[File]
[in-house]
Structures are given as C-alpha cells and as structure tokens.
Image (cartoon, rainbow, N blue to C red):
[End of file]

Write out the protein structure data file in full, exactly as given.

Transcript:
[in-house]
Structures are given as C-alpha cells and as structure tokens.
Image (cartoon, rainbow, N blue to C red):